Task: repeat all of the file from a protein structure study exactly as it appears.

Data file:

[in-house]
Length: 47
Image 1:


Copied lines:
[in-house]
Length: 47
Image 1: